Take a vacation with your friends/family, you overworked dipshit

Take Time For Vacations

Americans love to think of themselves as busy workaholics — even though, give or take, they do about 590 hours of actual work per year — and as a result, they can’t sacrifice time for vacations; they annually leave about 430 million days on the table. ( ** Puts rifle to scrotum ** ) The biggest reason is thinking it will hurt you professionally. Here’s my rebuttal there: if you work at a place where departing for 1-2 weeks to recharge and have fun with family and friends is going to hurt your ability to get promoted, f’n get a new job.

Turns out this reluctance to head for vacation is hurting your overall well-being too. 

Per Gallup:

Americans Should Take More Vacations

This is all part of the Well-Being Index. 148K Americans were polled from January to November; factors about their life were then sliced and diced along this continuum of Well-Being. A number close to 100 is better.

So look at that chart above: if you make less than $24K a year, but you make time for vacation with family/friends, you have about a 66.3 Well-Being score. If you make more than $120K a year (about five times more money, then) but you don’t make time for vacation, you have a 55.1 Well-Being score.

In short: you can be poor, but make time for people and loved ones, and you’ll be better off than being rich and never leaving your bubble.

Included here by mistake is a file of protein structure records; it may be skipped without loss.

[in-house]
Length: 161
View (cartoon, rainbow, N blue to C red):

Remember: shift away from money, and towards time. That’s the secret to happiness — er, to contentment.

I know you think you’re busy and overworked and OMG there is no time and JESUS I CAN’T EVEN TAKE THE TIME TO RESPECT MY EMPLOYEES, but this chart above — and yes, you can argue with the data, just like you can argue with anything — is a pretty simple reminder that if you want to be happier, to be more content, to have a stronger sense of well-being, frankly if you want any of it, take some time to rest, relax and recharge with your friends. It’s not that complicated.

Here’s some great additional info courtesy of FindMyShift.

Ted Bauer


  1. I think the reluctance to take full advantage of PTO has more to do with a workplace culture of fear than workers’ supposed inherent dutifulness. Higher levels of worker mobility don’t help if the pool of tolerable jobs is so low (that’s a diplomatic way of saying that most jobs suck).

    It’s easy to just say “get another f’n job,” but it’s quite another to actually accomplish a successful transition when the odds are so stacked against the average worker. If it were so easy to just leave, most service jobs would not exist, for example.

    Since so many people try to manage their perception instead of actually doing work, it makes sense that taking PTO would diminish a carefully cultivated ethos that projects “hard-working yes man/woman.” Nowadays, taking PTO also conveys a sense of individuality and independence which is discouraged in our modern day groupthink milieu.

    • On this one, I think I misspoke a little bit. I actually just came off about a year or so without a job — so I know how hard it can be, and how the deck is stacked against a conventional American worker. I didn’t mean to be flippant to say “get a new f’n job.” I actually meant to imply, “Well, you’re probably working at a place with misguided attitudes.” You may still need to work there. Heck, I’ve worked at a bunch of places with misguided attitudes, and I’ve stayed there because I need a paycheck. It’s that simple.

      My overall idea is that the things that give us pleasure in life are pretty basic, you know? And yet we focus on all these OTHER things … and I think maybe that’s misguided.

      • I knew what you meant. I have the same attitude…and there are so many places with misguided attitudes!

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